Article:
By Nicole Huang | 2 Feb 2021
I’m quite lucky to call Singapore home. It didn’t always feel this way, but having returned home after Uni in Australia and a work stint in New York City, I’ve began to appreciate Singapore a lot more with all its quirks and “Singaporeanisms”. And now I experience it through the lens of a parent, scouting for nice spots to immerse in nature with the kids, and then you realise how it’s not such a concrete jungle after all. This list will never be complete – and is just a starting point. It doesn’t contain any information on malls (because I generally try to avoid them unless I need something specific), but instead, highlight some of the spots and independent establishments/small businesses that give Singapore that little more soul. And if you chance upon this, I hope it helps in your exploration, and do let me know if you end up checking any of these (and I’ll definitely love to know if you’ve any good tips to share too).
Parks & Nature
In recent years, NParks did a really nice job creating a number of Nature Playgardens specifically designed for kids, such as the one at Hort Park and at Jurong Lake Garden, as well as introduced a lot of cycling network paths all over the country. The NParks website is a great resource for more info, and a few of my favourites are below:
Singapore Botanical Gardens: Perfect for walks, runs, picnics, especially in the early mornings or evenings. It gets crowded especially during the weekend, but most of the crowd tend to be around the Symphony Lake area, and if you head further out to the other side of the park closer to the Circle Line, there are plenty of open spaces there for everyone. The Jacob Ballas Children Garden is lovely, but does get crowded. Plenty of F&B options all around.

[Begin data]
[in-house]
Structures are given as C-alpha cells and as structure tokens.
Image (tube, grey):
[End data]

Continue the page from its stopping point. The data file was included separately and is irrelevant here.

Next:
East Coast Park: A long stretch with a cycling path that stretches from Changi through to the Central Business District. I generally recommend cycling along the scenic Eastern Coastal Route, and you can also do an extension and cycle all the way to Changi. There are plenty of pitstops along the way at East Coast Park, don’t forget to stop for a coconut at the East Coast Lagoon Hawker Centre, or have a drink/picnic at the generous grassy lawn patch at Aloha Beach Bar while the sun sets – it’s one of our family favourites.
Hort Park: In the vicinity of Labrador Park is Hort Park. It’s doesn’t seem to get too busy here which is great. Check out the nature playground, NParks did a wonderful job with this space. Early mornings or evenings are your best bet as there’s little shade/canopy since the park only opened in 2019 or so and many trees are still quite young.
MacRitchie Reservoir: Also known as Central Catchment Nature Reserve. Nice for a tropical jungle run (one jungle loop around the reservoir is around 10km, or you can also run all the way to Bukit Timah Hill if that’s your thing), and kayaking is also available. If you’re with the kids, it’s great for a walk in the early morning or evenings and there’s a small climbing playground near the entrance. Close to the zigzag bridge, there’s often turtles (kids love sighting this), or if you’re along the boardwalk, you might be lucky enough to see a monitor lizard or two. Love the treetop walk as well, this park is one of our favourites!